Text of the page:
Planting and tending a garden is great to improve your home’s aesthetic, but in addition to being good for property value, planting a garden is also good for you as a person. Finding a single activity that involves exercise, mindfulness, delicious food, and fun, and that also happens right in your own backyard, is hard to find.
Gardening is a great practice for the mind, body, and spirit. Whether you have a green thumb or are new to the game, you can find multiple benefits in gardening this spring and summer.
Your Reap What You Sow
By bringing intention and reflection to the process, gardening can provide a window into your own life. When you garden, it’s easy to see The Law of Giving and Receiving at work and in such a timely way. Gardening takes as much as it gives. You have to:
- Map out your garden
- Prepare the soil
- Sow the seeds
- Prune and fertilize
In return, you get:
- Time in nature
- Flowers and vegetables
The nice thing is, the average length of gardening from beginning to end is just a few months. While there are multiple factors that can go into gardening where you live, generally the best time to garden is in late Spring, after the last frost, but before it gets too hot.
All of the time, resources, and energy you put into your garden are well worth it because you’ll be able to reap the reward. As you plan, plant, nurture, and harvest your garden, take advantage of these four benefits:
Exercise: Dig the Workout
Gardening is considered a moderate- to high-intensity workout, and can burn up to 330 calories during one hour. This includes both gardening and yard work, so if you don’t like lifting weights in a gym, you can use daily gardening as part of your healthy lifestyle strategy. It’s recommended that lifting—which is often involved with gardening—be a part of physical activity as you age to keep optimal bone health.
Clean Eating: Farm to Table Made Simple
Eating local, organic produce can be good for your health, and there’s nothing more local than your own backyard. Not only do you get the benefits of the process of gardening, there is the added bonus of knowing where your food came from and what you used to help it grow. Your water, your fertilizer, and your plant food are all your choice. And if you have kids, you may find that when they participate in growing vegetables, they are more likely to try new ones. Have fun with it and choose the most unique varieties possible, like blue potatoes and watermelon radishes.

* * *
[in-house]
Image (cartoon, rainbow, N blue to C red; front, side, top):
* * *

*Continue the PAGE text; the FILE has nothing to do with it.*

Reduced Stress: Let Nature Take It Away
According to a research study conducted by Rutgers University, flowers are a natural mood moderator and have an almost immediate positive impact on happiness as well as a long-term effect on your overall mood. Spending time among the blossoms also allows you to feel a connection to the land and better relate to the earth. Gardening has also been proven to promote relief from acute stress. This, in turn, can inspire you to experience feelings of gratitude, awe, and abundance.
Relationship-Building: Take Lessons from Your Garden
Gardens can also help you practice relationship skills. According to research from the Medical University of Vienna, a garden provides a unique opportunity to meet the gardeners’ needs and vice versa. The garden and gardener evolve together, which is great practice for any relationship—understanding and respecting that both parties need one another to grow and flourish.
Not everyone has their own yard, but the great news is gardens can happen on your balcony, on your roof, or in a shared gardening space in your community. In the words of poet May Sarton, “Everything that slows us down and forces patience, everything that sets us back into the slow circles of nature, is a help. Gardening is an instrument of grace.”